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Grizzly bears being killed in B.C. parks, protected areas: review


A mother grizzly bear and her young cub were spotted at Owikeno Lake outside of Rivers Inlet on B.C.’s coast in mid-January, raising concerns in the community of bears ending hibernation early.
A mother grizzly bear and her young cub were spotted at Owikeno Lake outside of Rivers Inlet on B.C.’s coast in mid-January, raising concerns in the community of bears ending hibernation early.
Photo Credit: Ian McAllister, Pacific Wild

VANCOUVER — British Columbia's parks and protected areas are graveyards for grizzly bears being shot by trophy hunters, the David Suzuki Foundation said Thursday after analyzing wildlife mortality records obtained from the provincial government.

Faisal Moola, the foundation's director of terrestrial conservation and science, said the finding is based on a review of 10,811 grizzlies killed in B.C. by humans from 1977 to 2009.

Of those, almost 90 per cent were legally killed by trophy hunters, many of them Americans with guide-outfitters, and the rest by various means, including road- and rail-kills, poaching, trapping and shooting the bears for posing a threat or nuisance.

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Salmon Rally During the Games Draws Concerned Crowd

Wildlife News


Chief Bob Chamberlin Leads Welcoming Song


Chief Bob Chamberlin Leads Welcoming Song


The rally for wild salmon the Wild Salmon Circle held on Saturday brought out a crowd of over 200 people to listen to speakers and to add their voice to the growing unrest about the state of salmon farms on the coast of British Columbia. To the rallying cry “how do we want our salmon?” there was a resounding “WILD.”

The sun shone brightly on banners in both English and Norwegian with the same general message: open-net salmon farms must be removed from B.C. waters now. According to speaker Otto Langer, formerly fisheries scientist and manager at the DFO, salmon farms are placed on young salmon smolt migration routes when the smolts are so small the lice they pick up from fish farms kills them. “It’s like you and I carrying a 40 pound animal stuck to our body, draining us of life.”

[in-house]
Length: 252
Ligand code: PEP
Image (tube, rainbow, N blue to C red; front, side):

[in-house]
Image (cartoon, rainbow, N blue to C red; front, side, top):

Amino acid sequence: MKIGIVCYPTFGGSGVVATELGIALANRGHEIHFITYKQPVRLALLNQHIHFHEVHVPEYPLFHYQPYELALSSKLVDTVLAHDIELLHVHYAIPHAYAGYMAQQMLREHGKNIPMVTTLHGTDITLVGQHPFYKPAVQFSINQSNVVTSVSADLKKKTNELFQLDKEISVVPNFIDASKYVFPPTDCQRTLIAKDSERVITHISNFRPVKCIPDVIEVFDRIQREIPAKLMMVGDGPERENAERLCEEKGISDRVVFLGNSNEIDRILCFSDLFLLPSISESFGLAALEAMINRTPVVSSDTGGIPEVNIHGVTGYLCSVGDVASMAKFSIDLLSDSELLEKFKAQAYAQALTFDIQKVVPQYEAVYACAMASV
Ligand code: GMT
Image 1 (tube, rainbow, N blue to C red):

The message was clear that Canadians are in solidarity with the Norwegians that salmon farms must clean up their act. Shannon Ellis, a Grizzly Wilderness Tour operator, was outspoken in her talk about the ecological damage that will occur if wild salmon are allowed to die off. “There will be no more salmon swimming upstream to spawn and die, ensuring healthy growth of both our big trees and predators such as grizzlies, otters and eagles.”

“It’s symbolic to me that there were families with young children at the rally, because the next generation is going to inherit whatever we leave them,” says Rick Glumac of the Wild Salmon Circle and emcee at the Rally. “It breaks my heart that their generation may not see BC’s incredible wild salmon runs. We must be more willing to commit to the precautionary principle to protect these fish.” ...


To see more photos and read the rest of the story please visit the Wild Salmon Circle website:

 Wild Salmon Circle

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Faltering Light

A Visual Petition - Save the Grizzly Bears.

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Newborn orca joins resident pod


Ecstatic whale watchers are welcoming another new baby to the endangered southern resident killer whale pods.

The newcomer was first spotted swimming off the north end of Cordova Bay on Sunday, and the following day the birth was confirmed with photographs taken by observers from the Center for Whale Research in Friday Harbor, Wash.

"It was doing fine. It was brand new," said Ken Balcomb, the centre's executive director.

The baby is designated L-114 and its mother is a 22-year-old whale known as L-77 or Matia. It is the first known calf for L-77, Balcomb said. "She certainly took her time."

The birth is the seventh in just over a year for J, K and L pods, which are still struggling for survival after decades of hunting and capture that lasted until the mid-1970s.

Seven surviving babies is a record for the last couple of decades, but there were years during the 1980s when there were nine births, Balcomb said.

The total population of the three pods is now 89, which still falls far short of the recent high of 97 southern residents in 1996. Historically, there were about 120 southern residents.

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Kermode CAM at Rosswood BC

Wow  -- a Kermode Spirit Bear Live CAM at Last.


Stephanie and Harreson Waymen of Rosswood BC, just north of Terrace, have found a hibernating Spirit Bear.  Now I ask How can you have a better omen!


The details of this find and how it came into existence is part of my introduction to this Spirit Bear topic.  Since Richard will be talking with them today now that he is back from Bella Bella and helping Ian McAllister with their Kermode CAMs etc. we hope to have more insight over the next weeks. Take a look at our Biology Reference Page for more information on this camera site






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